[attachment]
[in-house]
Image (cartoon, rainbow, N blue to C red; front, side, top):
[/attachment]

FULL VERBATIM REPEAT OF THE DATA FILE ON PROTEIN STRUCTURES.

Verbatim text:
[in-house]
Image (cartoon, rainbow, N blue to C red; front, side, top):